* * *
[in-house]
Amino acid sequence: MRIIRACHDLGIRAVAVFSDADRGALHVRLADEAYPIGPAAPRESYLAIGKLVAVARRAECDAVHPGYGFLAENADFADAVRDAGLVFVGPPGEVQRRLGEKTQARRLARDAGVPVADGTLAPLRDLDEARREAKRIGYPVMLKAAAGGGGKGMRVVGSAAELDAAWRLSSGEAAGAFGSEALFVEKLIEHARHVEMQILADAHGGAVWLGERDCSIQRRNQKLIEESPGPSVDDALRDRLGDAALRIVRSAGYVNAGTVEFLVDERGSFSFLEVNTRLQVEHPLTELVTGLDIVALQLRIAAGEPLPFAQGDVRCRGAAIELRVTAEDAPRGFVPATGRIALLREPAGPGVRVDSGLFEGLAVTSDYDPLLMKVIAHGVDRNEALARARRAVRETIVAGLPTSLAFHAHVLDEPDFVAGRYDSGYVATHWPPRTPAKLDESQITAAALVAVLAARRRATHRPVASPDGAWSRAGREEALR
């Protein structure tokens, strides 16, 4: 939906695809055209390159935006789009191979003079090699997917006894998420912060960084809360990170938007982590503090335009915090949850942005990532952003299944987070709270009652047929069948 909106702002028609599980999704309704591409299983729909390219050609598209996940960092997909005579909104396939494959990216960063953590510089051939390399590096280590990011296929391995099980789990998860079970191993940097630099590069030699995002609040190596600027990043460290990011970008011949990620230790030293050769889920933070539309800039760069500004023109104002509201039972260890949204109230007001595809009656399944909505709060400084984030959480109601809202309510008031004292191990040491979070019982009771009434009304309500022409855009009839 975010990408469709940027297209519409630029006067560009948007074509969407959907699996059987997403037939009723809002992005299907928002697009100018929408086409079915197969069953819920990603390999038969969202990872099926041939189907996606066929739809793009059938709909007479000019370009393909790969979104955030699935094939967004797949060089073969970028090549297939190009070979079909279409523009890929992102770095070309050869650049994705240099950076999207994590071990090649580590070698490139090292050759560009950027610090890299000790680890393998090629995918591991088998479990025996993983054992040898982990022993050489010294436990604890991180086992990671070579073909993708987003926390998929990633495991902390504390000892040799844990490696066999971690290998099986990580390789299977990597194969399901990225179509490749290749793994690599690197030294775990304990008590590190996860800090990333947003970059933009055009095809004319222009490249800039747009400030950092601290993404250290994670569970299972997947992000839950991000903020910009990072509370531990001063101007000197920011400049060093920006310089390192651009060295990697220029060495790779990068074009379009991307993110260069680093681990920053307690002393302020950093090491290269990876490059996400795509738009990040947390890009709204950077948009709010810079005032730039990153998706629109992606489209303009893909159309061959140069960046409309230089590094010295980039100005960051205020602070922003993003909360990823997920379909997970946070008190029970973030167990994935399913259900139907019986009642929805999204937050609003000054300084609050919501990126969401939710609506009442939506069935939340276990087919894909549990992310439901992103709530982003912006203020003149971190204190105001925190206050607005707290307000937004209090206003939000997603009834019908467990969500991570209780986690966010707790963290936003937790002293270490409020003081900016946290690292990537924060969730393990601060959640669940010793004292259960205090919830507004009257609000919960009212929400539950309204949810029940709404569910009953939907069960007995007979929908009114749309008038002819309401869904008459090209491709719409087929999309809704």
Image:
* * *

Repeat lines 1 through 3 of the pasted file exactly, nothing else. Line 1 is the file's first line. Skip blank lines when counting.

[in-house]
Amino acid sequence: MRIIRACHDLGIRAVAVFSDADRGALHVRLADEAYPIGPAAPRESYLAIGKLVAVARRAECDAVHPGYGFLAENADFADAVRDAGLVFVGPPGEVQRRLGEKTQARRLARDAGVPVADGTLAPLRDLDEARREAKRIGYPVMLKAAAGGGGKGMRVVGSAAELDAAWRLSSGEAAGAFGSEALFVEKLIEHARHVEMQILADAHGGAVWLGERDCSIQRRNQKLIEESPGPSVDDALRDRLGDAALRIVRSAGYVNAGTVEFLVDERGSFSFLEVNTRLQVEHPLTELVTGLDIVALQLRIAAGEPLPFAQGDVRCRGAAIELRVTAEDAPRGFVPATGRIALLREPAGPGVRVDSGLFEGLAVTSDYDPLLMKVIAHGVDRNEALARARRAVRETIVAGLPTSLAFHAHVLDEPDFVAGRYDSGYVATHWPPRTPAKLDESQITAAALVAVLAARRRATHRPVASPDGAWSRAGREEALR
């Protein structure tokens, strides 16, 4: 939906695809055209390159935006789009191979003079090699997917006894998420912060960084809360990170938007982590503090335009915090949850942005990532952003299944987070709270009652047929069948 909106702002028609599980999704309704591409299983729909390219050609598209996940960092997909005579909104396939494959990216960063953590510089051939390399590096280590990011296929391995099980789990998860079970191993940097630099590069030699995002609040190596600027990043460290990011970008011949990620230790030293050769889920933070539309800039760069500004023109104002509201039972260890949204109230007001595809009656399944909505709060400084984030959480109601809202309510008031004292191990040491979070019982009771009434009304309500022409855009009839 975010990408469709940027297209519409630029006067560009948007074509969407959907699996059987997403037939009723809002992005299907928002697009100018929408086409079915197969069953819920990603390999038969969202990872099926041939189907996606066929739809793009059938709909007479000019370009393909790969979104955030699935094939967004797949060089073969970028090549297939190009070979079909279409523009890929992102770095070309050869650049994705240099950076999207994590071990090649580590070698490139090292050759560009950027610090890299000790680890393998090629995918591991088998479990025996993983054992040898982990022993050489010294436990604890991180086992990671070579073909993708987003926390998929990633495991902390504390000892040799844990490696066999971690290998099986990580390789299977990597194969399901990225179509490749290749793994690599690197030294775990304990008590590190996860800090990333947003970059933009055009095809004319222009490249800039747009400030950092601290993404250290994670569970299972997947992000839950991000903020910009990072509370531990001063101007000197920011400049060093920006310089390192651009060295990697220029060495790779990068074009379009991307993110260069680093681990920053307690002393302020950093090491290269990876490059996400795509738009990040947390890009709204950077948009709010810079005032730039990153998706629109992606489209303009893909159309061959140069960046409309230089590094010295980039100005960051205020602070922003993003909360990823997920379909997970946070008190029970973030167990994935399913259900139907019986009642929805999204937050609003000054300084609050919501990126969401939710609506009442939506069935939340276990087919894909549990992310439901992103709530982003912006203020003149971190204190105001925190206050607005707290307000937004209090206003939000997603009834019908467990969500991570209780986690966010707790963290936003937790002293270490409020003081900016946290690292990537924060969730393990601060959640669940010793004292259960205090919830507004009257609000919960009212929400539950309204949810029940709404569910009953939907069960007995007979929908009114749309008038002819309401869904008459090209491709719409087929999309809704």